Jeff Probst Jeff Probst
Survivor: Guatemala kicked off its new season (premiering tonight at 8 pm/ET) in an unusual way. CBS got such former cast members as Rupert Boneham,

Gervase Peterson, "Boston" Rob Mariano and host-with-the-most Jeff Probst to cluster in Times Square under a "Mayan pyramid." There, they greeted fans and put the onlookers' Survivor trivia knowledge to the test in a tribal council setting. This brave reporter even managed to get into a group and, thanks to having watched the show religiously for 10 seasons, won some prizes (a T-shirt, DVD set and hat). But it wasn't all fun and games — in between answering questions, managed to glean some info about what to expect in this 11th installment.

CBS has been running promos about a big twist, which is that two popular former Survivor players are coming back. Wouldn't that mean everyone's favorite good-natured pirate was a shoo-in? "No, they didn't say they were bringing back the most popular player," Rupert laughs. "I don't know if it is going to be me or not, but I sure hope it is."

Alas, it seems doubtful, as rumors of the returnees' identities have been spreading rapidly. But the "tribe has spoken" utterer himself insists that just because audiences may know who they are, that doesn't spoil everything. "[We're having] two surprise people, yeah," Probst acknowledges with a laugh. "But it hasn't been revealed yet in what capacity they will be involved.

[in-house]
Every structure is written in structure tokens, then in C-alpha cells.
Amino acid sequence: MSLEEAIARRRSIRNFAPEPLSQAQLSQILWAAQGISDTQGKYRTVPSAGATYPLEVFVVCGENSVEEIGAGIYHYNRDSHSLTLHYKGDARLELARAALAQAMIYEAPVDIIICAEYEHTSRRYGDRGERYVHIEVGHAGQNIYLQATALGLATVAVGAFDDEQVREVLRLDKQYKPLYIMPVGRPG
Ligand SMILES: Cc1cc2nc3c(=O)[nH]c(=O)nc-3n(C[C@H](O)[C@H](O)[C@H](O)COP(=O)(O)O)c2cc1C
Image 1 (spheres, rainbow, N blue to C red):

"It is not like [Survivor:] All-Stars," he promises. "We still have 16 new people who have never played. The question is, if you introduce in any capacity somebody who has already played, what will the reaction be? Will it be welcoming? Like, 'Hey, you know the game, you know how this works?' Or would they be seen as a threat?

Besides all this much-hyped twist stuff, will Season 11 actually be good? "It is definitely the toughest that we've ever put [our players] through," Probst insists. "Up until now, Africa had probably been the hardest. But Guatemala was very hot, very humid, with a lot of bugs and no water for relief. The only water that they had was a lake that was muddy and filled with crocodiles. The challenges were physically exhausting. But that was the idea; we knew that Guatemala was going to be tough. We decided to just embrace it and go for a very tough, challenging season."

Is Probst himself starting to wear down from the Survivor grind? "I'm not exhausted," he says. "We don't have it like they do; we get breaks and food. The exhausting part is trying to keep it fresh. We have to keep reinventing the show. But the stars of the show are the 16 people we put out there, and they did not disappoint this year."